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In this new series, author and educator Aaron Quigley shows you how to stay up to date with the latest educational technology and classroom management techniques. Each week, he'll introduce you to a new tip you can use to be more efficient, and increase student achievement. Aaron covers concepts like the flipped classroom, Common Core Standards, and the role of social media in education. The series also covers a variety of productivity apps, learning management systems, and other technologies, using a project-based approach that simulates the real K–12 or university classroom environment. Check back often for new tutorials, every Monday with Teacher Tips.
Hello, educators, and welcome to Teacher Tips. As the school year wraps up and break begins, Teacher Tips will be taking a break for the summer months, but before I say goodbye for a few weeks, I wanted to share a great resource website for you to keep in mind as you're planning this next year of instruction. Hopefully not right away, but after some much needed r and r. The Annenberg Learner website, located at learner.org, is filled with great resources for not only students, but teachers as well. This website has profession development for educators, as well as lesson resources and even interactives you can use directly with your students.
For example, here in my web browser I've already navigated to learner.org. If I hover over Interactives, and then View All, you can see that the interactives are broke into two categories of students or teachers and adults. If I click on the teacher in adult section, here I can find a variety of interactions that'll help me as a educator better prepare a lesson to deliver this content to my students. For example, if I come down the page, I'll eventually get to a section on arrays and fractions. Clicking on this interactive, I can walk through a variety of sample problems to understand how certain students are going to approach this particular work.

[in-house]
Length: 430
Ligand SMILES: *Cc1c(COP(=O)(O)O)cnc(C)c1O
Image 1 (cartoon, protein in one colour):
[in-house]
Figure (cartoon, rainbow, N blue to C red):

Here, I can see a variety of arrays that are created by two different students, and I can even see the students' interpretation of what their thinking was when they answered this particular problem. These are great interactives to help you refresh your own content knowledge, and even to think about it from a student's perspective. You also have the opportunity to find interactives that you can use with your students. For example, from the interactives menu, I'm going to come down to science and then select all. Here's a variety of science interactives that I can build directly into my lesson plans and I can even have students log-on to learner.org to use these interactives themselves. For example, students can come here and they can create their own roller coaster to understand roller coaster physics.
Or they can access things such as interactive on convergent boundaries. Here students have the opportunity to hover over various terms to see the definitions of those terms and they can watch an interactive model that's going to help them better understand what's happening with these subduction zones. Outside of the interactive sections of this website, there's also precreated lessons plans that you can use for your classroom. These lessons plans are created by master teachers. Sometimes the lesson plans have interactives that will require students to come to the website, but often, you can use parts of these lesson plans directly inside of your classroom just by printing them out. Now while much of the Annenberg Learner's site is free and available at no cost to you and your students, there's also some additional resources that you can pay for, such as video courses or even profession developement for graduate credit or continuing education units.
I really hope you enjoy exploring the Annenberg website this summer as you start planning your next year of instruction. Thank you for joining me in teacher tips this school year and for everything you do for your students. I wish you a restful summer break and I look forward to seeing you in the Fall when Teacher Tip returns bringing you the latest teaching iPad apps, software, and resources to help you have a 2014-2015 school year. Until then, cheers.
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